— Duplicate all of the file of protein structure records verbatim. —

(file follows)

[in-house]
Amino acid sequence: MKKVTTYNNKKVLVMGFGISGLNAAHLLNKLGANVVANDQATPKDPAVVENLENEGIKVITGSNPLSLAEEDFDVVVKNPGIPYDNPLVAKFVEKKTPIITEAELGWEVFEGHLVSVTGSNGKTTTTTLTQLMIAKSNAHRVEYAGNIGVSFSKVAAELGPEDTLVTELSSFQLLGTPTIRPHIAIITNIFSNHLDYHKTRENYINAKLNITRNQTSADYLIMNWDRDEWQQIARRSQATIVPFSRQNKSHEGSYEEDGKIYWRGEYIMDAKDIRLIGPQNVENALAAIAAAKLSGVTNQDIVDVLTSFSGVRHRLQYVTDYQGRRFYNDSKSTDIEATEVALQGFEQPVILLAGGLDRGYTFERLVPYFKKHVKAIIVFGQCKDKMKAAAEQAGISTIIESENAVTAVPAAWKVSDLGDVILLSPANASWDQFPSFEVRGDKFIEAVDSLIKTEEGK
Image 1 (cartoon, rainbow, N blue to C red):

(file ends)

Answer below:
[in-house]
Amino acid sequence: MKKVTTYNNKKVLVMGFGISGLNAAHLLNKLGANVVANDQATPKDPAVVENLENEGIKVITGSNPLSLAEEDFDVVVKNPGIPYDNPLVAKFVEKKTPIITEAELGWEVFEGHLVSVTGSNGKTTTTTLTQLMIAKSNAHRVEYAGNIGVSFSKVAAELGPEDTLVTELSSFQLLGTPTIRPHIAIITNIFSNHLDYHKTRENYINAKLNITRNQTSADYLIMNWDRDEWQQIARRSQATIVPFSRQNKSHEGSYEEDGKIYWRGEYIMDAKDIRLIGPQNVENALAAIAAAKLSGVTNQDIVDVLTSFSGVRHRLQYVTDYQGRRFYNDSKSTDIEATEVALQGFEQPVILLAGGLDRGYTFERLVPYFKKHVKAIIVFGQCKDKMKAAAEQAGISTIIESENAVTAVPAAWKVSDLGDVILLSPANASWDQFPSFEVRGDKFIEAVDSLIKTEEGK
Image 1 (cartoon, rainbow, N blue to C red):